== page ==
[00:10:29] Mike: Yeah,
I think it's a great way of looking at it and what we need to do. A lot of times I couch it in those terms eight years from now, you need these dollars. So what is the most appropriate way? Of investing for those to spend those dollars in eight years or spend them in 20 years. So in your case with a college fund, Hey, we're going to start spending them in eight years. So we want to take on some level of investment, given the history of how stocks perform and bonds perform and what we hope to expect. Maybe getting that five, six, 7% return, but understanding. So when you
look at it an eight years timeframe, you have a different probability of where that money is going to end up. Plus, or minus what we might say, a standard deviation, right? Versus where it might be in one year, if you need that money in one year and our brains are really tied to the one-year volatility. Oh geez. It seems really risky. It could go down 20 or 30%. That's true in one year. But when you need dollars in eight years, then the likelihood of it being down by 20 or 30% are pretty small.
Now the likelihood of it being up only a couple percent.
Yeah. That's it could be reasonable. The likelihood of it being up 30 or 40%, that might be the average, and maybe, if we get great next set of eight years, it could be even more than that. So when you frame, when are you going to spend the dollars, then what are the probabilities of where it's going to be say, five, 6% per year plus or minus, standard deviations. And that's the way to think about those dollars in the future.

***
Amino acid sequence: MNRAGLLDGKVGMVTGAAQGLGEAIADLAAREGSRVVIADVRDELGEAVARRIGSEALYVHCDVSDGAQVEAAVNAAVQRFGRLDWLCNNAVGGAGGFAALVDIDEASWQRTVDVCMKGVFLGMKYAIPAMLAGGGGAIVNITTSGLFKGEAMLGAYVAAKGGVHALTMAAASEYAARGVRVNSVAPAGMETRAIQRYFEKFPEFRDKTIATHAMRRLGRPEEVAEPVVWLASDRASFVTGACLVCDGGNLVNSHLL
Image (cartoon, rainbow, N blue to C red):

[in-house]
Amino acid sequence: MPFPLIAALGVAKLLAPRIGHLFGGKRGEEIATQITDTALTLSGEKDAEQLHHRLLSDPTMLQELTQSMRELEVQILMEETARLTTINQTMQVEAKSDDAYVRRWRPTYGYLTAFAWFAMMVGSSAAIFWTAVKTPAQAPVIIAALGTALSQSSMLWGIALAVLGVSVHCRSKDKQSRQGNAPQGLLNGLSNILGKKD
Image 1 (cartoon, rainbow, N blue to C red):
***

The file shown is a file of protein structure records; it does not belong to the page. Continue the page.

[00:11:59] Matt: But it's so hard. It's so hard. I, you see this all the time in things like the NBA draft, just to choose a different sport and a different sports metaphor. . You've got, your team has got a high draft pick, and , they've got to decide who to go with and, the reality is.
That you make these selections and at least half the time, they don't work out to the level that you think they're going to. And when they don't work out, everyone, including within your own organization is willing to pile on and say, you made the wrong choice and people lose their jobs and, look, what's the number one thing that couples fight about it's money.
That's the number one thing. And there's just a tendency in sports organizations and I'm sure in marriages to take on less volatility, even if, as you've just demonstrated in a very dispassionate mathematical way, you're better off saying, look, this is what gives me the better upside. This is what the numbers say.
R is going to leave me in a better place in terms of my goals. It comes back to everything you were saying before. If you define what your goal is and that's what you want to achieve. This is the path to get there. Are your clients, are you and your own life able to accept the possibility that you're going to have a bad outcome?
And even if you had a bad outcome, it doesn't mean you made the wrong decision.
[00:13:29] Mike: Yeah.
exactly. That's a tough one. But I think as humans, we often adjust no matter what the courses that we've set for ourselves. So when I'm talking with my clients, we're setting, one year goals and five years or 10 years, whatever timeframe they're in.
We talk about what
money you'll need at different times, and what's appropriate expectations for that money over time. And a lot of times what happens. Is Okay.
If we get some great years, we might end up here. If we get some bad years, we might end up here, but we'll know that in advance. And we'll make adjustments. Now, this is what we do as humans all the time. If the market and the economy is crashing and people are losing jobs and your stock portfolio is down. Are we taking trips, to Europe and taking a few weeks off work. That's just natural. When the stock market's gone up for four or five years in a row, people, you know, their net worth has grown. Are they taking those trips to those times off? Yeah.